• Mirrors (HR/OC, coating, figure/shape, reflectance, mounts, alignment). Most are dielectric type, either planar or confocal concave. Mirror mounts. RoC denotes Radius of Curvature; R denotes reflectance (usually at a specified wavelength or range of wavelengths).

        • Total resonator length (mirror to mirror).

        • Vacuum system:

        • Requirements - low-medium (e.g., N2 laser, dye laser flashlamp) or medium (most others).

        • Sealed/flowing - All can be sealed to some extent though the lifetime of these home-made laser tubes is not that long. Thus, some means of regassing without glass work is desirable. The CO2 probably requires a flowing gas design.

      • Special chemicals/supplies required (other than gases).

      • Excitation/Pumping:

        • Type (electrical/optical) - All the gas lasers are pumped electrically; the dye laser uses a flashlamp.

        • Power supply (DC/AC/RF, pulse, voltage/current/power/frequency, regulation).

        The following notation will be used to denote input and output connections:

        • G = AC line safety (earth) Ground.
        • H = AC line Hot.
        • N = AC line Neutral.

        • HV AC = the output of AC power supplies.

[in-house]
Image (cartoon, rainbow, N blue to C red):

• HV+ (or similar) = a positive output of DC power supplies but prior to any ballast resistor or special pulser.
        • HV- = the negative return for DC power supplies.
      The beauty of a home-built laser is that there is no law that says you cannot experiment with virtually all of these specifications. If you want to build a HeNe laser with a longer or narrower bore or with a large 'can' style cold cathode instead of a neon sign electrode - go for it! Boosting power output, in particular, may be quite viable especially for the pulsed lasers like the Ar ion and CuCl/CuBr with a more sophisticated power supply and additional (e.g., water) cooling.

      Duplicating (or improving on) a known commercial design rather than one from a 20+ year old article could very well result in higher efficiency and output power and better beam quality. See the section: Sam's Three Part Process for Getting Your Feet Wet in Gas Lasers for one possible approach to this.

      Which Laser to Build?

      A variety of factors should be considered in determining which of the many possible lasers to undertake. In addition to difficulty, there are other personal factors such as the desire for a visible CW or pulsed beam or high enough power to be used for wood or metal working (e.g., CO2 or ruby/Nd:YAG).
      • Although the helium-neon (HeNe) and argon/krypton (Ar/Kr) ion lasers are relatively simple in basic structure, they have some of the most stringent requirements on vacuum, gas purity and the need to minimize contaminants in the tube and vacuum system, and the need for precise pressure control. I would also advise against the copper chloride and copper bromide lasers since they are more complex in a couple of areas (the need for a heater and the double pulse power supply).

      • Carbon dioxide (CO2) lasers really want to work - there is a wide variation of design, operating pressure, gas fill, and power supply that will result in a functioning laser (even if not quite optimal). The beam is high power but invisible.